Tagboard, Hootsuite Supply Social For Media Cos.

To engage a wider audience across additional channels, it’s increasingly common for TV networks to include social elements in live broadcasts.

 Tagboard and Hootsuite are joining forces to assist in this process, and provide what they promise will be better social display workflow for media, sports, and entertainment companies.

"Our clients are always looking for ways to streamline the social process," Josh Deck, CEO of Tagboard, said on Tuesday. “Tagboard and Hootsuite share a large number of enterprise clients in common [so] this integration just made perfect sense.”

The integration offers clients of both the ability to add a Tagboard app to their Hootsuite social media management dashboard. Clients can then search and find social posts within their Hootsuite dashboard, and then send the posts to Tagboard-powered displays -- on air, through live screens, or online.

The Tagboard app for Hootsuite was created in collaboration with Gannett Broadcasting, a media company that owns TV stations in 38 markets, and their digital producing teams.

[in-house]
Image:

The new service could help Hootsuite further distinguish itself among other enterprise social-media management platform. Clearly a force to be reckoned with, the company was valued at $1 billion, last fall.

Yet, Tagboard and Hootsuite are not the only ones helping media companies highlight their social activity.   

Twitter, for one, just launched a real-time dashboard for publishers to monitor and manage tweets (and Vine videos) across media channels. Dubbed Curator, the service was designed to help publishers of all stripes discover relevant conversations and trending topics based on geographic region, user demographics, and other filters.

Since its launch in 2010, Storify has established itself as the curation tool of choice among countless journalists, agencies and brands, from BBC, CNN, and The Wall Street Journal to Ford, GE, and HBO.

Along with TV networks, social channels are benefiting from a boom in live sporting events, industry watchers say. That’s because second screens and social channels are increasingly part of the TV-viewing experience. Indeed, TV viewers add another screen to their media experience at least 20% of the time, according to recent findings from Symphony Advanced Media.


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